The Bradford County Historical Society is one of the oldest county historical societies in the state. A foster child of the Bradford County Medical Society, the Bradford County Historical Society was organized on May 5, 1870, and incorporated on February 12, 1875. A singular donation of ten dollars constituted a life membership, with an exemption to the holder from further dues. Otherwise, an annual contribution of one dollar from members was required.
The charter members were: Mr. & Mrs. C.L. Ward, Towanda; Mr. & Mrs. F.B. Streeter, Towanda; E.H. Mason, Towanda; E.W. Hale, Towanda; H.L. Scott, Towanda; S.W. Alvord, Towanda; Mr. & Mrs. John A. Codding, Towanda; John J. Griffith, Towanda; Mr. & Mrs. John F. Means, Towanda; Rodney A. Mercur, Towanda; W. McGlathery, Towanda; L.P. Stalford, Wyalusing; David Craft, Wyalusing; Henry Gaylord, Wyalusing; A.T. Lilley, LeRoy; H.W. Patrick, Athens; Edward Herrick Jr., Athens; L.M. Allen, Athens; T.P. Monro, Sylvania; O.W. Worden, New Milford; O.H.P. Kinney, Waverly; Henry J. Crane, Wysox; E.G. Tracy, Sylvania; George C. Gore, Sheshequin; and Mrs. Henry Ward, Towanda.
The first president, Christopher L. Ward, was a prominent citizen of Towanda, a banker and a very wealthy man. He was in ill health at the time of his election and died ten days after the first meeting of the society. The Society persevered, held frequent meetings and gathered considerable material relating to the early days of Bradford County. This was displayed and stored in two cases in the Grand Jury Room at the County Courthouse.
There was early talk of a history of the county. Sylvester Taylor had written a history of the county which was still in manuscript and the Society appointed a committee to look at it. They reported that it was not up to the standard that such a work should merit. After much thought and discussion, Rev. David Craft, a Presbyterian minister of Wyalusing, was assigned the task of preparing a county history. It was completed and published in 1878. There was much dissatisfaction with the work and it resulted in the Society disbanding. In the words of the Secretary, "the Society has relapsed into silence and obscurity."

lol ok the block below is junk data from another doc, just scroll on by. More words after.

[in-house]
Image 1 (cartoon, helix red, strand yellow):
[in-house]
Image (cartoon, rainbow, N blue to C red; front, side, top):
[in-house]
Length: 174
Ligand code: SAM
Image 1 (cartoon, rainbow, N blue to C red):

On July 21, 1902, John A. Codding, the only surviving ex-president, called a meeting of the citizens at the courthouse to consider the reorganization of the Society. There was a large attendance and a full slate of officers were elected. In 1903 the County Commissioners leased to the Society the small brick annex to the old courthouse. It was here the foundation of the historical society collection was laid. An earnest effort to collect portraits, books, old newspapers, Civil War souvenirs, geological curiosities and other artifacts began. A museum was set up and research files maintained. Regular meetings were held for members and prospective members. Those who had particular knowledge of county history were asked to write papers on topics that they were familiar with and read them at Society meetings. Often, these papers were gathered and published in a yearly booklet called the Annual.
A yearly event known as Old People's Day was held in the courthouse square by the Historical Society. The event brought elderly people from all over Bradford County together for an all-day schedule of historical programming, food, demonstrations and the presentation of a silver cup, pitcher, cane, or other item to the oldest people present.
Another history was published by the Historical Society in 1926. The author was Clement F. Heverly, who had been secretary of the Society and an outstanding historian. Mr. Heverly died in 1924 and at the time of his death had just finished the "History and Geography of Bradford County" for public schools. Heverly did a tremendous amount of work organizing and labeling the Society collection.
After Heverly's death, interest in the Society by the public slowly decreased until 1941 when Leo E. Wilt became president. In 1951, Wilt became the director of the Society and continued in that position until his death. The museum was virtually rediscovered by the general public during the term of Mr. Wilt.
In 1974, the Society moved to 21 Main Street in Towanda and remained there until the building no longer met the space requirements. In 1998, the Bradford County Commissioners voted to deed the former county jail on Pine Street in Towanda to the Bradford County Historical Society to be renovated and used as the new home of the society museum and research library. In 2000, the research library phase of the “Jail Project” was completed. The remaining exhibit construction was completed in May 2002, when the entire facility became available for public use.